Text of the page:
My reaction was much different. I screamed and brought my hands to my face, covering, perhaps to ward off the impact, much the way a mother throws an arm out to stop the passenger from flinging forward. I started crying. I cried for the coyote. I cried in frustration of the events of the previous week. I cried for the rabbit I struck driving 15 years ago. I cried and cried, and Kris couldn't do anything but drive, reach out to touch me and watch.

Ten minutes later, a migraine started and I began to lose my sight.

I told Kris what was happening, crawled into the back of the car and fell asleep.

Three hours later, I woke up 10 miles away from the Phoenix International Airport. Kris managed to get us to the airport in record time. He may have been driving over 100, I don't know, I was asleep, but it was a fantastic drive made while I was sleeping.

We made the flight, and made it to the wedding (which was awesome with the lightning and thunder punctuating the ceremony).

The image of the coyote, its final moments of life, are still remarkably, tragically fresh in my mind. The loss of two ultimate players reminded me of that moment. I believe the loss of their lives, two young men in their early twenties, is far more tragic than the loss of the coyote.

Would the driver had swerved if he knew the outcome? If Kris had swerved, would that have been our fate?

Can I blog about it?


"Heh. I approve. Can I blog about it?"

"No, no, you can't. You've blogged about it enough. Farting is, like, its own category now."

"Is that really so bad?"



I made some comment to Kris recently about how I wish I had more formal computer science training. I took all of two programming classes in college, and learned the rest on my own. I believe I do okay, since programming is essentially solving one big logic problem, but every so often I solve a problem with brute force instead of creating an elegant solution.

Kris offered to help me out with the formal computer science education, and suggested we go through his Algorithms book. I agreed, figuring it would happen not before next year, given all of my copious free time.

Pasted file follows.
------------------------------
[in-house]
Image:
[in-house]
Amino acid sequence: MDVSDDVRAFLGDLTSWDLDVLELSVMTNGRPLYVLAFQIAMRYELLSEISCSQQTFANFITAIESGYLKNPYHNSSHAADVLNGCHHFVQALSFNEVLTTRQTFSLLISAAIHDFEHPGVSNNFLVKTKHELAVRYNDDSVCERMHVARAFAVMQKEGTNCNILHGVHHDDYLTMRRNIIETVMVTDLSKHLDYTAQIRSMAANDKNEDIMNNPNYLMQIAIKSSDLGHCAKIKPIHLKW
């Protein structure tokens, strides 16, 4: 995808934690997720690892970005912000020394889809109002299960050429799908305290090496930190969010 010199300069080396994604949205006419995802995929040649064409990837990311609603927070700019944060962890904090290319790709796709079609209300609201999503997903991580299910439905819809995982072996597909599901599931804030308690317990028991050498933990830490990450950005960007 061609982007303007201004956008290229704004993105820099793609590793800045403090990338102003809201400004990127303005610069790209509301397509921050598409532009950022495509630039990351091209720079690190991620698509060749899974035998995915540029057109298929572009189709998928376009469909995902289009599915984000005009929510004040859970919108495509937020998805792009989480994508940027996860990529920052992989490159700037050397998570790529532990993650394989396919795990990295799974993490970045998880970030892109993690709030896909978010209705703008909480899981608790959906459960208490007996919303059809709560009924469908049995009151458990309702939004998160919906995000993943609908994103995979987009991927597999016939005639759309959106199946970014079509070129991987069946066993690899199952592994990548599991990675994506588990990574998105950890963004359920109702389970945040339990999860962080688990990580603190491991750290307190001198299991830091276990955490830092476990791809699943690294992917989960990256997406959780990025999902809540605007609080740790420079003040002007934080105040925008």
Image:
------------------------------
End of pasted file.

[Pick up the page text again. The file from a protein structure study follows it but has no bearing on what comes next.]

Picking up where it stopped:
When I was at Hackday yesterday, Kris pinged me and asked if PHP could handle recursion, which cracked me up (the answer being, uh, yes, of course). When I said yes, he asked me if I could write a recursive function that printed out a series of numbers, from one to the single function argument N. The two keys to this problem were recursion and single parameter.

Counting down from N to 1 was easy. I figure both are easy, but counting down is clearly the easier:

function kris($n = 1) {
  print "$n ";
  if ($n > 1) {
    kris($n - 1);

Oddly enough, counting up was harder for me. I told Kris he couldn't offer any hints, and eventually I figured out a convoluted solution using a static variable. My solution clearly showed me my lack of CS education. Kris' solution was much simpler:

function kitt($n=1) { 
  if ($n>1) { 
  print "$n ";

As Kris commented, people forget you can do the recursion first, and the action second, when writing recursive functions.

A candidate at Kris' work was unable to solve the problem, and he wanted to see if I could, especially since I was commenting on the CS education I didn't have. I did solve it, but not correctly.

Next time, I'll have the trick. This time? I felt like an idiot.

8:37 to job


On Wednesday, Kris had a job interview. Two days in a row he had to get up in the morning too early for the two of us with natural sleep-until-noon tendencies. Good thing I convinced him to get up early the day before, to practice.

Always pragmatic, Kris timed the drive into to interview. He was leaving early enough to catch the carpool lane, and the office would be closer than previous work places, so he was hopeful for an easier commute. He also planned to time the drive back, to compare the two.

After the interview, which he felt went pretty well, Kris started the timer on his watch, and started his drive home. He received a phone call as soon as he started drivingand immediately thought, "What the? Does Kitt have a webcam in my car?"

Oh, the suggestions that man makes to me... Time to find a mobile webcam system...

The call was, indeed, not from me. Instead, the company he just interviewed at was calling to let him know they wanted give him a job offer.

Surprised, he looked at his watch.

8 minutes, 37 seconds to job.

Top that.